Price For Beauty

 

There seems to be a price for beauty, one which many are willing to pay.

Yesterday I drove through my neighborhood for the first time in months so as to inaugurate my return home for the winter. My community is a large bayside town not far from the Hamptons but woefully dreary by its comparison. I make a point to photograph it often, being the place to which I am most frequently exposed it exists as the place wherein  which I most frequently photograph. There is a long record, both in my mind and in  my pictures, of the ways in which this town has changed and how it has stayed  absolutely the same.

Driving I am drawn to the bay shore, as always, like a dying fish to the sea. There is little of interest to photograph uptown after all, vacant homes beside readymade palaces  mostly, things photographed and re-photographed too often and by too many. No, the bay is where I am drawn, where I have gone since my childhood to witness nature and  man in profound and beauteous struggle.

When Hurricane Irene swept this coast it promised to rock the minds of those who had built their homes at the oceans stead. It failed to deliver on that promise, flooding homes and causing damage but ultimately reinforcing  man’s triumphant hold over natural forces. In Irene’s wake few feared Hurricane Sandy. They believed that they had already survived the worst.

Pulling onto Cranberry Rd I stopped the car and flash my hazard lights. So close to the water this area becomes mostly marsh and it would be foolish to drive any further. Still, the form of a half-fallen telephone pole, devoid of its wires, captures my attention. I
compose my photograph and capture the quiet moment. Packing up my camera and walking back towards the car I look around, nothing but marsh, bay and properties in various  states of disrepair.

Many of these homes have been abandoned since the storm, their wealthy residents finding little reason to sink funds back into their mud encrusted summer homes. Left to rot they become hideaways for rebellious teens and heroin addicts or else they slip slowly back into the natural state of the land, sinking steadily into the marsh upon which they were built.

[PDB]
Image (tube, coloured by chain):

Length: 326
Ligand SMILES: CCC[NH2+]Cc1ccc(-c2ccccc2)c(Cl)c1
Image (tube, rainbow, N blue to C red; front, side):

Getting into my car and pulling away I encounter more homes. Most still inhabited  are steadily rising away from the sea. After Hurricane Sandy federal, state and local governments approved funds to be distributed to the many victims of the storms awful damage. After years of tedious bureaucratic maneuvering many of the residents here have claimed at least some of those funds. Their decision to stay where the storm had impacted them was usually quick, after all you couldn’t beat the view from out here. Instead of electing to leave many invested in a program to have their houses foundations lifted, and  so you find homes floating upon wood pilings up towards the sky and away from the  marshy earth below. The elevation of the houses varies depending of the paranoia of the home’s owner, some stand as low as the highest point of the last storm surge, and  others rise as high as those two story houses left behind in the storms wake. I am  always fascinated to see the new wood holding up and supporting these old homes.

I turn a few corners and pass a marina, empty of boats so late in the season, before coming across the unusual sight of a new home rising near the shore. It wasn’t unusual to see construction out here, houses with new foundations or homeowners expanding their beach shacks, but it was unusual to see the skeletal form of a completely new structure rising up. In a quick moment I pulled up to a woman photographing outside.

I asked her if this was her home, and to my pleasant surprise she said yes. I asked her if  I could photograph her new home and after consulting her husband she happily approved. John and Florence have been longtime residents of the town, they tell me. After seeing their last home damaged during the storm they had worked for two years to obtain the permits to build this one towering above the reeds. They were quite friendly people and  very proud of their property, quick to point out the height of its flood foundation. I told them I was photographing the neighborhood to document its change following Sandy,  not the truth but not a lie, and they were happy to share their story and their time with me.

From the roof of the house their son waved to us and we waved back. He said the view from up there was marvelous. Florence took my email address and promised to send me photographs of the home which once stood there; I agreed to send her scans of the photographs I had taken too. They were sweet people, happy to open their lives up to me, a stranger, and spend some time in my company before going back to inspecting their house. Where at first I was stunned by the irony of their efforts now I was warmed by their openness and kindness.

It’s a strange thing to think of how these people could justify living in such a precarious place, living far from the water I lack much sympathy for those who see damage from storms like sandy. In conversation with John it did come out why he was building his home where he was building it. He pointed towards a refuge just across a small river and said “That’s why we’re building here, because no ocean view or city skyline can beat that. We watch the wildlife from here; I’ve even seen Bald Eagles nesting before. It’s not the safest place for a home but it’s worth the risk”.